• Re:Entropay (Score:2, Informative)

    by Anonymous Coward on Sunday August 01, 2010 @07:36AM (#33100428)

    4.95% charge to deposit? $8--9 to get it back.? Do you use computers or have guys with green eye shades?

  • Portugal's MBNet (Score:3, Informative)

    by Sodki (621717) on Sunday August 01, 2010 @07:48AM (#33100478)

    Virtual every debit and credit card in Portugal can have access to MBNet [mbnet.pt], a nationwide initiative in which you can have your one time credit card numbers.

    We actually have a pretty accessible banking system here in Portugal. We have a state regulated entity called SIBS that pretty much guarantees that every banking system should be able to talk to the others. In practive, this means that every bank has at least one ATM that is compatible with every debit and credit card in the country, and can be used for free, with no taxes for money withdrawal and other operations. It's pretty sweet.

  • by Anonymous Coward on Sunday August 01, 2010 @08:02AM (#33100516)

    Discover Secure Online Account Numbers [discovercard.com]

  • by smallfries (601545) on Sunday August 01, 2010 @08:42AM (#33100640) Homepage

    There are only two kinds of people:

    • Those who have had a bad experience with Paypal and stopped using them.
    • Those who haven't had that experience yet.

    For me it was a refund over a graphics card from ebay that was dead on arrival. They lied to me about the refund process until the card was returned to the seller and then once it was posted switched their line and insisted that they would never have agreed to a refund. I never used them again.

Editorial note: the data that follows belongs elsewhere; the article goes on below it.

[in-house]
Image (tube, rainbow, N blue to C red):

• by butlerm (3112) on Sunday August 01, 2010 @09:12AM (#33100730)

    "In the US, Federal law limits you to $50 in exposure to theft of a credit card. With debit cards you are at the mercy of your bank, so I'm glad you are comfortable with yours"

    Both Visa and Mastercard have a zero liability policy for unauthorized use of your card, provided you report a lost card within 24 hours. The only difference with a debit card is that you have to wait for your money to be returned to you, because it was taken directly from your account.

  • by hedwards (940851) on Sunday August 01, 2010 @09:46AM (#33100836)
    At least in the US, they don't get a choice, they can take your CC number, but once it comes time to pay they are legally required to take cash. Because you typically pay for said services after you've used them they're debts which means that the company is legally obligated to take cash. Paying ahead of time, they can turn down cash, but once it's a debt they don't get a choice in the matter. If cash is what you want to pay with, cash is what they have to accept.
  • by way2trivial (601132) on Sunday August 01, 2010 @10:17AM (#33100960) Homepage Journal